These little links help with SEO because you can optimize the slashtag or URL slug with your keywords. If you’re trying to go after some long tail or secondary keywords with a particular post, you can also create multiple branded links featuring these keywords to share.
6. Limit Redirects
With URL redirects, less is more. URL redirects take more time and can slow down the customer experience. Since search engines highly consider page load time, this can have a strong impact on your website’s rank.
If you need to use one, opt for the 301 redirect. This is a permanent redirect and it passes almost all (99%) of the link juice (or ranking power) to the redirected page. This type of redirect is perfect if your website moved to a new place (say, a rebrand), as it will bring those that click on an old link to the new page seamlessly.
7. Use a Descriptive Domain
We’re constantly sharing links, but most of us don’t know the different parts of them, let’s break it down.
Domains are made up of three parts. The top-level domain or the TLD, the domain name, and the subdomain.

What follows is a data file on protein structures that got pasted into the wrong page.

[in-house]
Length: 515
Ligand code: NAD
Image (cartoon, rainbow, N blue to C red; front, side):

Let’s look at this example:
The subdomain = www.
The domain name is your name = YourCompany
The top-level domain, or TLD = .com
When purchasing a domain, ensure that you choose one that is descriptive to what you do. As search rankings have become more advanced, they work to read more like humans. This means it needs to be memorable and directly correlated with your brand so it’s easy to read.
8. Avoid using Dynamic Parameters
Google prefers URLs that have the structure we’ve discussed in this article- ones that contain the company name and the title of the page, rather than ones that are lengthy or contain parameters. Most marketers are familiar with UTM paramters for tracking links with Google Analytics. However, some e-commerce sites also use what are called dynamic URLs. These parameters are used to identify unique product IDs. You can spot a dynamic URL because it includes special characters such as ?, &, +, %, $, .cgi, and .cgi-bin.